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We joke with one another about being addicted to our smartphones, eyes glued to whatever social platform we have pulled up at the time, but have you ever actually considered the possibility? Oftentimes, I reach for my phone and open Instagram or Snapchat without thinking twice or even realizing I’m doing it—and I have to tell myself, stop, snap out of it, put the phone down. You’re at work. You’re at the dinner table. You’re supposed to be spending time with your family.

Fortunately, I’ve become more mindful about my time spent on social media. But I’m not perfect. I do slip up, and I worry about the negative effects of social media on my health. Life Coach Marc Cordon, with a degree in neuroscience and certification in positive psychology, has taught a college course on happiness that specifically addresses all the trouble with social media—from social comparisons to depression and FOMO—and explains that it can certainly be addictive by delving into studies on Facebook:

“Several studies reported by the Washington Post and The Daily Dot point to Facebook usage affecting brain functioning associated with pleasure and even addiction. Receiving likes or comments results in a dopamine hit that results in a quick high,” he explains. “Though not as powerful as cocaine, the dopamine hit is the same as that found with cocaine, sex, and gambling, and it has the potential to be addictive.” However, you can protect yourself from falling into this downward spiral of social media addiction. Cordon suggests taking the following actions:

1) Limit push notifications.

Push notifications pop up on your screen to let you know that you have a message, like, comment, or mention on any given social media platform—and you’re notified right away. I’ve never been one to allow push notifications but that doesn’t mean my apps don’t remind me it’s an option every other time I sign on! If you have your push notifications turned on, consider turning them off. This will give you more control over how much time you’re spending on social media and when.

2) Limit accessibility during self-care work.

Now that you have those push notifications turned off, you can more easily manage your social media use, which is especially important during self-care work. When I say self-care work, I’m talking about any activity you do to take care of your mental and physical wellbeing. A few examples include meditation, writing down gratitudes, volunteering, or even just listening to music. Any time you’re employing one of these self-care practices, truly engage—don’t allow social media to become a distraction. If you have a hard time keeping your finger off those buttons, shut your phone off or keep it at a distance. Whatever it takes to tune into the important practice at hand!

3) Charge the phone outside of your bedroom.

Many of us include social media scrolling in our nightly routines, but nighttime is actually one of the worst times to engage online. The blue light emitted from our phones, laptops, and tablets are overstimulating and can cause you serious sleep issues. So, to break this harmful habit, try keeping your phone out of the bedroom at least right before bed. If you typically charge your phone on your bedside table while you sleep, move it to the living room or kitchen. I know your phone probably doubles as an alarm, but trust me: it’s worth investing in a (cheap) alarm clock to eliminate social media use from the bedroom.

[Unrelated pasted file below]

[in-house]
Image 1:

4) Put a cap on social media time.

The past couple points have focused on cutting down on your social media time, whether you’re implementing self-care strategies or getting ready for bed—but if we’re being honest, you should limit your social media time on a daily basis. Start with the previous tips and then work on capping your overall social media time. This “cap” can vary from person to person, depending on lifestyle factors and current social media habits for example, but generally a good place to start is restricting your social media time to an hour or so a day. Try this, see how you feel, and then adjust accordingly to best benefit you.

5) Like actual people, places, and things by engaging in them.

And finally, instead of “liking” people, places, posts, and pictures with the click of a button, show your love and appreciation for them by spending real, valuable time engaging in them. Go on weekly dinner dates with your best friend (no smartphones allowed). Enjoy the time spent in Mexico, downtown, or in your own backyard, without pulling out your phone to snap a picture on Snapchat every second. Put real, meaningful time and energy into loving these people and these places, rather than merely expressing your fondness via the many social media platforms you have to choose from.

Taylor Bennett

Taylor Bennett

Taylor Bennett is the Content Development Manager at Thriveworks. She devotes herself to distributing important information about mental health and wellbeing, writing mental health news and self-improvement tips daily. Taylor received her bachelor’s degree in multimedia journalism, with minors in professional writing and leadership from Virginia Tech. She is a co-author of Leaving Depression Behind: An Interactive, Choose Your Path Book and has published content on Thought Catalog, Odyssey, and The Traveling Parent.

Check out “Leaving Depression Behind: An Interactive, Choose Your Path Book” written by AJ Centore and Taylor Bennett."

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